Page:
So that’s that. The burger title will be coming back to Pennsylvania and the UEPa will be there to take a bite out of it. I wouldn’t miss it for all the Chicken McNuggets in the world.

Monday, January 08, 2007


(Because I'm sometimes lazy and because I just like some of my old entries, I've decided to re-post a few in a series I'll call "SECONDS". I won't do it often...maybe once a month. There's nothing wrong with some left overs now and then. This one was orginally posted in June 2006.)

You know how some old people eat canned dog food because they don't have any money left over after paying for their medication? Yeah, that's sad. Well this guy isn't poor or on any medication (that I know of), but he decided to live on nothing but monkey chow for a whole week. Each day he logged his weight, mood, poop, and "monkey-like attributes." He blogged it too. He said he's tired of people telling him he should've gone Spurlock with it by doing it for a whole month, but I have to agree...seven days isn't exactly pushing the boundaries of the human body.

The whole thing reminds me of the time when the great
Crazy Legs Conti lived for an entire week on nothing but Guinness beer (his friends dared him to do it after Conti described how Guinness is packed with vitamins and nutrients). The man travels the world, works in a strip club, gets paid to eat massive quantities of food...how does he not have his own comic book by now?

Friday, January 05, 2007


The food lovin’ folks over at Slashfood recently mentioned a CNN.com story about the top 10 jobs to have if you like to eat. The big ones are all there: chef, caterer, dietitian, food scientist and “server” but they forgot the most obvious one—competitive eater.

I don’t need to remind most of the people who read this blog that if you’re blessed with a stomach the size of a basketball, there’s serious money to made in competitive eating. According to Eat Feats, three eaters—Joey Chestnut, Pat Bertoletti and Sonya Thomas—made $35,000 or more last year. Chestnut made $48,750 (that includes the $20,000 car he won in Wing Bowl). Those totals don't count the appearance fees Sonya is rumored to make.

The CNN list-makers might also consider including “any job at the advertising agency where I work.” Seriously, we’ve always got food lying around, either provided by our food clients or by generous co-workers. In fact, just today a friend of mine (she’s the PR director for the local Girl Scout chapter) stopped by to give me six boxes of Girl Scout cookies. Yes, it’s that time of the year, so please support your local Girl Scouts. The cookies are expensive (even though mine were free, suckers!), but they’re so worth it. Especially the Caramel Delights.

Wednesday, January 03, 2007


This picture has been my computer wallpaper for about two weeks now. I don't cook hot dogs in a frying pan (for me it's all about the grill), but if I did fry my franks, I hope they'd look this good. I'm n0t sure what kind of hot dogs are featured here, but they look sort of like Nathan's.

Monday, January 01, 2007


2007 finds me in a self-improvement mood like no other. Two days ago I actually wrote down a short list of New Year's resolutions. I never write down New Year's resolutions. I guess I've always figured that if I write them down I have to stick to them (and failure to do so would be, well, failure) which is why I've never bothered to bring paper and pencil into the mix until now.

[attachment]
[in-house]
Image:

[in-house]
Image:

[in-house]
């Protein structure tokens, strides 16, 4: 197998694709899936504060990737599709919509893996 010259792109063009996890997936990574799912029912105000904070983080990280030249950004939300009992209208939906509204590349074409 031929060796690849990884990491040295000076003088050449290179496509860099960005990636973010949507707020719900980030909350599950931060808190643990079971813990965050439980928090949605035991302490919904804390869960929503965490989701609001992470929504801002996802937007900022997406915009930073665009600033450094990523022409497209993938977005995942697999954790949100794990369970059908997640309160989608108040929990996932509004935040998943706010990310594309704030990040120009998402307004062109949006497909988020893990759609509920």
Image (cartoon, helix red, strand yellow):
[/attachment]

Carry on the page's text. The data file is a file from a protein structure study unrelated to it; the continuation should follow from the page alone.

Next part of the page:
Here's what I came up with:

1. FIGURE OUT MY PLACE IN COMPETITIVE EATING. Will I be a "competitor" or will I be a table-ender who fills one of the "local eater" spots. That means training more. I owe it to the competition and myself to be as good as I can be. I also need to figure out if I'm going to be an IFOCE guy or an AICE guy. Both have their benefits and both have their drawbacks.

2. EXERCISE MORE REGULARLY. (A.k.a. use my $40 a month YMCA membership more than once a week.) This is, of course, related to resolution #1. Eating more means working harder to keep the "belt of fat" off and since I'm not willing to starve myself between training sessions and contests, I guess I'd better drag my ass onto a treadmill now and then. I fucking hate running.

3. LEARN MORE ABOUT BEER. This one's pretty self-explanatory. I like beer, but I don't know much about it (this includes its history, the many different types of beer and the science behind how its made). I'd even like to try my hand at home brewing. Which leads me to my next "things a man should know" resolution:

4. LEARN MORE ABOUT POKER. I've been wanting to do this for awhile now. Last night we were playing poker at a friend's house and I caught myself glancing at the "ranking of hands" cheat sheet that the women were hoarding to remind myself if a flush beats a straight (it does). Of course, I knew that, but the fact that I had to look made me feel like I didn't deserve my testicles (as I drank my Corona that I also knew very little about). I've always envied the guys who seem so confident and care-free at the poker table, with their poker slang and witty one-liners. I want to be one of those guys.

That's about it. There are a few other small things on my list (open my mail more than once a month, stop chewing my fingernails, start doing some freelance writing on the side to make extra money, read more, golf more), but nothing too exciting. Only six hours left in day one of 2007, which means I'd better sign off for now. Only 364 days to go before I have to make my next list.